What Does the Fed Rate Cut Tell Us?Learn more about this firm
Yesterday, the FOMC decided to reduce the target range for the federal funds rate from 2–2.25 percent to 1.75–2 percent. As the headlines put it, the Fed cut rates by one-quarter of a percent. The headline version is certainly pithier, but the first version is more accurate—and gives a better sense of what actually happened: the Fed did not lower rates (contrary to the headlines), but it did lower the target range for its own lending operations.
The difference here matters. Much of the discussion has been around what lower rates will mean for the economy and how the Fed just cut rates. The Fed knows better.
As an example, if you look at the past several years (until recently), the Fed had kept its target rate close to zero. But interest rates in the real world stubbornly remained positive, fluctuating up and down regardless of the Fed’s underlying target. More recently, even as the Fed raised its target rate, interest rates in the real world dropped substantially and quickly. The Fed does not control interest rates, although it very much wishes it did.
So, why is this news instead of a non-event? Why is the president calling on Twitter for the Fed to cut rates to zero, or even below? Why do we care?
Signpost for future of economy
We care because even though the Fed’s action does not signal rates are coming down immediately, it is a signpost of what the future likely holds for both rates and the economy. With the federal funds rate near zero, it took years for real-world interest rates to get there. But they eventually did, more or less. When the Fed starts cutting rates, it is a signpost that it sees economic trouble ahead. This move has historically been a good signal, the more so as the Fed has a bias toward keeping rates up. If the Fed is worried enough to actually cut, there is probably a good reason to worry ourselves.
The other reason we care is that the Fed’s base rate, which it changed yesterday, is essentially the foundation for all asset prices. Houses, stocks, bonds, gold, everything are all affected by the base Fed interest rate. When that rate goes down, in theory, most asset prices move up. As with interest rates, it isn’t quite that simple, and usually not that quick, but the trend can be set by such changes. There is an old Wall Street saying—“don’t fight the Fed”—and this trend is where it comes from.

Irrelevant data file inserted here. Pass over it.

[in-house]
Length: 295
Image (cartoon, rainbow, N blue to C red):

What the cut tells us
Yesterday's rate cut, therefore, tells us a couple of things. First, the FOMC (i.e., the group of Fed members who make the decision) is worried about the economy. Second, rates are unlikely to increase too much in the near- to medium-term future, held down not just by the Fed’s decision but also by the expectation that more cuts may be coming. Third, these lower rates will likely act as a cushion for both the economy and the financial markets. All of this is good news going forward.
One additional thing worth noting from yesterday, however, is the level of public disagreement over the cut. The statement noted that one member wanted a half-point cut, while two opposed the cut. This level of dissent is rare, suggesting that the committee as a whole may not be as worried about the economy as previous cuts have indicated and that the economy may be in better shape than the cut would suggest. It also suggests that future cuts may be less likely than the market assumes. Therefore, while we will get the benefit of the current cut, that benefit may be constrained as the market tries to figure out whether more are coming.
Either way, the cut yesterday is likely a positive for the economy and markets and should be treated as such. That is the real takeaway from yesterday’s headlines.
Brad McMillan is the chief investment officer at Commonwealth Financial Network, the nation’s largest privately held Registered Investment Adviser-broker/dealer. He is the primary spokesperson for Commonwealth’s investment divisions. He is also the author of Crash-Test Investing, a must-read primer for Main Street investors seeking to help insulate their portfolios against a market crash. This post originally appeared on The Independent Market Observer, a daily blog authored by Brad McMillan. Forward-looking statements are based on our reasonable expectations and are not guaranteed. Diversification does not assure a profit or protect against loss in declining markets. There is no guarantee that any objective or goal will be achieved. All indices are unmanaged and investors cannot actually invest directly into an index. Unlike investments, indices do not incur management fees, charges, or expenses. Past performance is not indicative of future results.